In these years, Elli dreams of going to Israel. At the beginning of the book, it isn't even a state or nation yet. But the dreams, the Zionist dreams, are there both in Elli and in her friends. But it is decided that America will be their destination, if they can get in.

These are years of waiting and years of growing. A turbulent time of changing for Elli as she matures from a fourteen year old girl into a young woman of nineteen or twenty. The book records her hopes, her dreams, her loves, her losses, her disappointments.

Hanna's Suitcase, by Karen Levine

Hana's Suitcase, by Karen Levine, published in 2007, is the true story of a young Czech girl named Hana Brady, who was taken away by the Nazis along with her older brother George, and that of her suitcase, which through a chain of events ended up in Japan. It is also the story of a Japanese woman's efforts to find out about Hana- who she was and what happened to her. The book is incredibly moving. Illustrated with photographs of Hana and her family as well as the Holocaust center in Japan where her suitcase is found, Levine tells Hana's story in parallel with the story of the efforts to learn about her. This structure sets up two crushing waves of emotion that left me in tears by the end. It's bittersweet tragedy, told with beauty and sensitivity.

Tuesday, April 22, 2008

Yellow Star by Jennifer Roy

Another review from Natasha of Maw Books.

Bee Season by Myla Goldberg

Another review from Natasha of Maw Books.

The Boy in the Striped Pajamas by John Boyne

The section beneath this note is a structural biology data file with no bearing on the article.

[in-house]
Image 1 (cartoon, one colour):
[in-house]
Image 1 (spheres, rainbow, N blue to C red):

Another review from Natasha at Maw Books.

The Devil's Arithmetic by Jane Yolen

Another review from Natasha of Maw Books.

The Book Thief by Markus Zusak

A review from Natasha of Maw Books.

Lost in America by Marilyn Sachs

Another review from Mandy.

Daniel's Story by Carol Matas

Another review from Mandy.

Everything is Illuminated by Jonathan Safran Foer

Another review from Mandy.

The Red Tent by Anita Diamant

A review from Mandy.

Old Men at Midnight by Chaim Potok

A review from Mandy.

Monday, April 21, 2008

The Schocken Guide to Jewish Books

Since this is my last post in the challenge, I thought it would be appropriate to talk about The Schocken Guide to Jewish Books. The Schocken Guide is the book lover's passport into the world of Jewish books- basically it's an extended bibliography of Judaica in a range of subject areas, fully annotated and illustrated with photos and drawings. I found it on one of my trips into my local used book store; it caught my eye because I work in a synagogue library right now and was browsing the Judaica section for something that might be either a good addition to the collection or a useful tool for me. This book turned out to be both.

Schocken Books is a publishing company speicalizing in Judaica since it was founded in Germany in 1931. In 1987 it became a division of Random House but continues to publish popular Judaica in a broad range of subject area, and publishes authors like Anita Diamant and Aharon Applefield. See the official About Schocken page at Random House or the entry on Wikipedia for more information. In other words the company is an expert source when it comes to Jewish books.